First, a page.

A few pic of your build would help a lot in understanding the situation here.
     
  6. OP
    OP
    Sunder

    Sunder Member

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    No, by passthrough I mean one of these:

    upload_2024-6-23_21-19-14.png
    upload_2024-6-23_21-19-30.png

    Drill a hole through the case, push this through it, then a connector on either side.

    I did have quick connects originally, but I noted that 16OD hard tube = 13mm ID, and those quick connects look like about 5-6mm ID. So I removed those, and replaced all the 10mm ID with 13mm ID soft tube. That actually did help a little.

    It was a LOT more than just replace soft tubing to hard tubing. Because mounted on the board, it didn't have to pass through anything, no right angle connectors, no pass throughs, and at the time the radiator was sitting on the desk, not mounted to the under side of it.

    I think you're right - what I've done is not enough to cause the change in flow. I'm not convinced it's a hard blockage though, because I've checked. But I have completely flushed the system and refilled it. I reckon somewhere Testing it for leaks now, and will give it another go tomorrow. I reckon I have a second vapour lock somewhere I can't see - like maybe inside the radiator, or one of the soft pipes I can't really check in.

    Thanks for the sanity check so far. I'll let you know if it's better tomorrow.
     
    The Beast likes this.
  7. Butcher9_9

    Butcher9_9 Member

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    Do you have a flow meter?

    Have you tried bypassing a few of those components with soft tubing to see if you can figure out where the restriction is coming from? Don't even really need the system on if you have a flow meter just remove parts and check the flow.
     
    Last edited: Jun 24, 2024
  8. jjjc_93

    jjjc_93 Member

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    If you have a 10c delta in water temperatures that would suggest flow rate is far too low to me. I had a temperature sensor at the beginning and end of my loop and saw a difference of 3c @ 120l/h with a load of ~550w.
     
  9. OP
    OP
    Sunder

    Sunder Member

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    I own one. In the soft tube loop, it was showing 18L/m which is actually above what the EKWB DDC pump is rated for, so I was pretty suspicious of its accuracy. (Barrow - so a cheap one). I didn't reinstall it in the hard tube loop.

    The most I could easily bypass is the radiator. as others have suggested, the Mo-RA3 really isn't a big restriction, and it didn't seem to help.

    Yeah, that wasn't really under doubt. The real question was why. I still don't think I have the full answer. but I have an improvement. After the flush and bleed, it improved somewhat:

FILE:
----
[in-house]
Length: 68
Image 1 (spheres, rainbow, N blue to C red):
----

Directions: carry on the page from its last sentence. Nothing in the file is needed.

upload_2024-6-24_21-47-55.png

    Still a visual difference, but it's about 5-6*C now (Camera auto-scales the colours, so you can't really compare the two photos, but even within the same photo, you can see the pipe coming off the video card is no longer bright orange, and the one coming off the CPU is no longer bright yellow.) I think there may still be bubbles trapped somewhere lowering the flow, but this is much less concerning now. - Actually, you can see a very small one in the visible light photo below. Top of the pipe coming from the CPU. It looks like one large bubble, but it's actually a series of small ones. I'll give it a week or two to collect more bubbles there, then bleed again.

    Visible light photo of the set up. Cabling (meant to be the main reason I built it like this) is a bit untidy simply because I've been tilting and turning and adjusting everything to get it bled. Once I'm happy I'll tidy up the cables.
    upload_2024-6-24_21-49-54.png
     
  10. The Beast

    The Beast Member

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    Back down unda.
    I still think the single DDC is struggling here. Can you add another pump?
     
    Sunder likes this.
  11. OP
    OP
    Sunder

    Sunder Member

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    I tend to agree with you. There is definitely room for a second pump in that black acrylic box (It just holds the PSU + hides all the cables). But I also have a water injection pump from an abandoned Lancer Evo tuning project (wow... Nearly a decade ago). It happens to be BSP 1/4, which happens to be G1/4 thread compatible... Only down side is that at 12v, it's rated to 45psi. I suspect that may blow off some hoses if there is a big enough restriction to cause a substantial pressure difference.
     
  12. havabeer

    havabeer Member

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    make sure you have all the fittings going into the blocks in the correct orientation.

    I was pulling my hair out with a loop that wouldn't pump properly... turns out I had the jet plate parallel with the fins and not across them.



    but with your first point thats how a closed loop system works. the heat load is all added together and then removed by the rad. If you hooked your loop straight up to your garden hose, the loop order would matter because you would get heat pick up over each bit of hardware and then the water would just get dumped, but it would constantly be replaced with new 20 deg water.

    our closed loop circulates the same water over and over. so it doesn't matter where the heat is added or the cooling is removing it its the same water.
     
    juzz86 likes this.
  13. juzz86

    juzz86 Member

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    Yep, caught with this a couple of weeks back too :weirdo:
    Then I rebuilt and left it out by accident.
    Then I put it back in properly and temps were worse!